Studies for CBD as an anti-anxiety treatment are ongoing. We are excited to see what new evidence might unfold in the next few years, since these tests seem to be confirming what many of us already feel in our own experiences with CBD usage.
We just went over some studies about how CBD might help with anxiety. Considered a severe type of anxiety, post-traumatic stress disorder (PTSD) can lead to increasing levels of anxiety and issues over time.
In 2019, scientists studied how CBD might affect the human endocannabinoid system in a way to reduce PTSD symptoms. Preclinical research “has suggested that CBD may have a beneficial effect in rodent models of PTSD.” This experiment was the first study exploring the clinical effects of CBD on patients with PTSD.
11 patients who were diagnosed with PTSD by a mental health professional were given orally administered CBD in addition to routine psychiatric care. The researchers concluded that CBD treatment resulted in a reduction in the severity of PTSD symptoms. More specifically, they saw a 28 percent decrease from a mean baseline score of 51.82 down to 37.14 after eight consecutive weeks of treatment. They also noted that CBD appeared to offer relief in patients who reported frequent PTSD-related nightmares. The researchers write that double-blind, placebo-controlled trials would be necessary to substantiate their findings regarding CBD and PTSD in this study.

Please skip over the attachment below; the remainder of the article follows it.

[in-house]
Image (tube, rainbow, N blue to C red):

Many people associate CBD with cannabis, and assume that CBD carries the potential to be addictive. They couldn’t be more wrong.
In 2018, the World Health Organization (WHO) released a report stating that CBD carries zero risk of dependence. Not only is there no risk evidence of recreational use of CBD, but also that there are no public health risks associated with CBD. Because CBD isn’t psychoactive in the way that opioids will produce a euphoric effect, people aren’t becoming physically dependent on CBD use.
These types of findings further buttress CBD cigarettes as great nicotine cessation tools because they provide smoking stimuli (smell, taste, action), and may also have properties that help smokers reduce their tobacco consumption.
Currently in review, a study from Poland looks at how CBD may protect against neurological diseases due to its anti-inflammatory and antioxidant properties.